Ghostophonia album by Makunouchi Bento & Silent Strike via Bela Bartok (2020)
In some ways the earth has become more hospitable to the long gone extinct ones than to the ones whose very lives are at stake in the here and the now.
On the surface, and according to the current ethno political fad, ghosts across Eastern Europe and elsewhere, ghosts of time gone by, of golden ages spent in plenty or carelessness are welcome, even as environmental and economic streams of refugees are being rapidly turned into ghosts themselves.
Ghostophonia 2020 album by Makunouchi Bento and Silent Strike arrives to wade these murky waters and to temporarily salvage, sing along and wreak creative digital havoc with early recordings made by pioneering ethno musicologist and Hungarian composer Bela Bartok.
In what was then known as comparative musicology, Bartok sampled local songs, various chants, vocalizing lost feelings into a strenuous stream of forlorn audio artifacts.
Somehow these impossible, non retrievable affects found their way onto audio wax cylinders, while he traveled across the region of Banat, Slovakia and elsewhere in the early first half of the XX c.
Never monotonous, in spite of their ancestral sound material, these insistent analogue hosts are not really your Casper the Friendly Ghosts type. Ghostophonia does not reek of nostalgia or of remastered folklore, but seems to cherish all types of analogue ghosting equally. From wax cylinders to magnetic tapes, cassette effects and digital emulators, recognizable or not, they all offer hospitable matter to the ear.
Suffering from various bouts of welcome amnesia, lacunae and willful silliness, Ghostophonia traverses the whole audible history of our lifetimes.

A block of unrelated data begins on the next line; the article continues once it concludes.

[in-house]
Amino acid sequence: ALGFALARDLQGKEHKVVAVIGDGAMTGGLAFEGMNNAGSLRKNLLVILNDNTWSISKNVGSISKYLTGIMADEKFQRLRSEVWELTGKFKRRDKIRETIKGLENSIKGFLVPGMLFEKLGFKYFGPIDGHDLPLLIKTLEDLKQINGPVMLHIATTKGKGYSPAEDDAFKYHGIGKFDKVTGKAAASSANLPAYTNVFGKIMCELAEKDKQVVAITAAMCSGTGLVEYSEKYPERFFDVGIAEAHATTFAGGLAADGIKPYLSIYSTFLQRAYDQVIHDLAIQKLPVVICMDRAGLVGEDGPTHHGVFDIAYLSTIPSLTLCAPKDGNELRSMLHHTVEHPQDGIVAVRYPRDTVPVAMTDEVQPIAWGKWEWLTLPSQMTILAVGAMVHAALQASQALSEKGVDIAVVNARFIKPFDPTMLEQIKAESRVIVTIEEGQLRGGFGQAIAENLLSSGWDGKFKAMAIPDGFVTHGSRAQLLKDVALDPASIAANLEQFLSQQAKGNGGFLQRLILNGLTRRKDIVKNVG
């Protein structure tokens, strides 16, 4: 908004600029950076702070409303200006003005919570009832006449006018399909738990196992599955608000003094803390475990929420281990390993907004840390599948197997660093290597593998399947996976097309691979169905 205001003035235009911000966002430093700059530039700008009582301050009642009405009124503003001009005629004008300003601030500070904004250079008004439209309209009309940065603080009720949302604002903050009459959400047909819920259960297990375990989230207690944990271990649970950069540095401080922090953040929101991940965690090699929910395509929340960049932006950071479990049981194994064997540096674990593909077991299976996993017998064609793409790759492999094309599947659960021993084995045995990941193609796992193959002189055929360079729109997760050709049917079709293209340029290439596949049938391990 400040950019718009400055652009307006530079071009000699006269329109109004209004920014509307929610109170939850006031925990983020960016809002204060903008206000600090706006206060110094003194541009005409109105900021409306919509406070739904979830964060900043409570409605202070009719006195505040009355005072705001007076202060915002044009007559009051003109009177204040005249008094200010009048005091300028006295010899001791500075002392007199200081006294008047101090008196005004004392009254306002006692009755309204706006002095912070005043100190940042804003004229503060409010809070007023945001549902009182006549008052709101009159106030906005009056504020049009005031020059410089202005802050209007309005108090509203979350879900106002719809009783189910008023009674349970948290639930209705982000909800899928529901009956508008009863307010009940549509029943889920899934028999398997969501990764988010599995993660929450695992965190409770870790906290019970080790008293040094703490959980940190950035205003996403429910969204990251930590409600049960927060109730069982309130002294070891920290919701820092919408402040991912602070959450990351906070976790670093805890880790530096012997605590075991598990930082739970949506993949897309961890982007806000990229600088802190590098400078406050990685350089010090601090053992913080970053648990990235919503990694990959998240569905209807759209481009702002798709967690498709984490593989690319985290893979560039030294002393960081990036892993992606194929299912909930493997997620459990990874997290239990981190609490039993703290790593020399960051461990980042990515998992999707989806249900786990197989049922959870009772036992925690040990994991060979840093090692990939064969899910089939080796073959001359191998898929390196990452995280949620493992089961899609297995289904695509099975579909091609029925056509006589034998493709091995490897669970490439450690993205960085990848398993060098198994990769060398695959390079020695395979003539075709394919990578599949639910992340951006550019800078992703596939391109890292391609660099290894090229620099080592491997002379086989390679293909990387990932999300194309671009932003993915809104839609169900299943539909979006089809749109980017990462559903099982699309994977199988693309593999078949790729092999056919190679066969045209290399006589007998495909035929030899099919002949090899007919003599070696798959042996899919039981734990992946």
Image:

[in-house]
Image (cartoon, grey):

As the very first sound recordings ever made, they are plagued by mediumatic break downs, by parasitic hiss, by unintentional disturbances that are part and body of the recording, weaving all frequencies together. Hauntology is past its prime some say, a ghost of a ghost, but it is also a permanent feature that thrives in the current climate of replay retromanias and future past gone viral.
The ability of any material, be it stone or wax, and of any disturbance to repeat itself and reverberate all around keeps reasserting itself.
In his last book, The Weird and the Eerie, Mark Fisher takes the Nigel Kneale’s 1972 Stone Tape as a central example of why it is impossible to separate, or to say who plays who. These amorphous reverberations are played by a sensitive Human Central Nervous Systems as well as the walls and the floors of some old building.
Once the first layer is deleted there is always deeper and more disturbing layers triggering further replays.
Ghostophonia retrieves accidental analogue troubles and finally settles as an ubiquitous enlivened visitor ghost-guest house. The title actually plays on Goşti – guests – a Banat regionalism found in a wide range of slav or Church slavonic languages.
Ghostophonia will be one of the albums of the year because it eschews high cultural fidelity and still stays true to its source material. This album was born as a live concert in Timisoara in 2019 and was released in 2020 on bandcamp right here.